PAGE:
DC Recreational Weed Updates 2021-2022

The stars looked aligned for the opportunity Washington DC has waited for since legalizing cannabis under Initiative 71 passed. Democrats hold Congress (on paper, obviously less in practice), the Presidency, and the Harris rider that has prohibited the city from creating a retail tax and sale system for cannabis since 2015 was conspicuously absent from the current version of this year's federal spending bill. It looks like recreational marijuana sales are on the menu, boys! Or so we thought. The version of the federal budget that passed included the rider, so there won't be a regulated, adult-use cannabis market in the District until at least next year. That seems overly optimistic at this point- let's look at what went down.

John A. Wilson Building entrance
The entrance of John A. Wilson Building, which houses the Executive Office of the Mayor and the Council of the District of Columbia.

3/10/21 Update: The Rider Remains

Sad, but not terribly unexpected news- Congress passed a federal budget on March 10th and the reviled Harris rider remains intact, which means there will be no retail tax and sale program for cannabis in the District for at least another year. There’s several ways it could still happen, but none of them are realistic. DC has historically been a bargaining chip during Congressional negotiations and no matter who wins, the Nation’s Capital loses. It’s happened with abortion facilities, it’s happened with needle exchange programs, and it’s happening with cannabis. To paraphrase Martin Astermuhle’s thorough explanation of the situation, there’s not enough juice to be worth the squeeze for Congressional Democrats on the matter, despite their slimmer than Benson & Hedges majority. Essentially, re-opening the file on the Harris rider would escalate to negotiations on a number of other contested budget riders and nobody, it would seem, has time for that.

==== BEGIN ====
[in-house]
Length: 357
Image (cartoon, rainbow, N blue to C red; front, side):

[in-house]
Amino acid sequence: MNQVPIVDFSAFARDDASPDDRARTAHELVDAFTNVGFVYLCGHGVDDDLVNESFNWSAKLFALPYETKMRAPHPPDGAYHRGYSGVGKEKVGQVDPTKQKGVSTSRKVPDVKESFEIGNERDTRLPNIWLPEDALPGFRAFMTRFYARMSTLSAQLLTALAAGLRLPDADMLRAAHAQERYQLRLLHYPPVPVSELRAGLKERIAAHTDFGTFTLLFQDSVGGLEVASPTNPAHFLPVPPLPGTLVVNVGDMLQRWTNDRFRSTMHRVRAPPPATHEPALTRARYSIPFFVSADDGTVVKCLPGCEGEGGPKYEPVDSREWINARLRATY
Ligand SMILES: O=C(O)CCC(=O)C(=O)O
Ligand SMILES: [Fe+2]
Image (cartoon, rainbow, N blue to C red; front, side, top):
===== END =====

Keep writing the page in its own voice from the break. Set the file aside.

Is it time to throw in the towel on a licensed, adult-use cannabis market for the District? Yes! Yes, it is. And the Gentleman, for one, welcomes our new insect overlords. Seriously, though, it has become abundantly clear that the rider isn’t going away anytime soon. A Democratic super majority in Congress and White House might do it, but the forecast says it’s raining Rs when the midterms come around in November. Legalization on the federal level would do it, and is long overdue, but who knows when that’ll happen. Any attempt to put it through Congress now is likely going to be stymied by the likes of Manchin & Sinema, so that Republicans can either do it themselves and take the credit- forcing Dems to compromise on social equity or vote against legal marijuana- or simply continue to delay the inevitable. There’s still a lot of people out there that just don’t like pot, y’all, and an awful lot of them hang out at the senior day-care facility the halls of our government have become.